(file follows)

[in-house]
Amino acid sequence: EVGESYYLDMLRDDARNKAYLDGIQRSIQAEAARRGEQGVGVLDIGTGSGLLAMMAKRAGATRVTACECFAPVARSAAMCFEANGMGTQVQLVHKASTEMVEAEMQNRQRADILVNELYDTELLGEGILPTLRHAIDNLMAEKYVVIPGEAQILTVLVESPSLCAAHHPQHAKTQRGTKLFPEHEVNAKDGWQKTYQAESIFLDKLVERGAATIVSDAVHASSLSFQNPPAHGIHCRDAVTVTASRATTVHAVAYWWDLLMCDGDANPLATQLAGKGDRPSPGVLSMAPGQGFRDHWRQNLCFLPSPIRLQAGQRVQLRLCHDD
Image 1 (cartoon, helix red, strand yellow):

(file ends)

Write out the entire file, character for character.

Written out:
[in-house]
Amino acid sequence: EVGESYYLDMLRDDARNKAYLDGIQRSIQAEAARRGEQGVGVLDIGTGSGLLAMMAKRAGATRVTACECFAPVARSAAMCFEANGMGTQVQLVHKASTEMVEAEMQNRQRADILVNELYDTELLGEGILPTLRHAIDNLMAEKYVVIPGEAQILTVLVESPSLCAAHHPQHAKTQRGTKLFPEHEVNAKDGWQKTYQAESIFLDKLVERGAATIVSDAVHASSLSFQNPPAHGIHCRDAVTVTASRATTVHAVAYWWDLLMCDGDANPLATQLAGKGDRPSPGVLSMAPGQGFRDHWRQNLCFLPSPIRLQAGQRVQLRLCHDD
Image 1 (cartoon, helix red, strand yellow):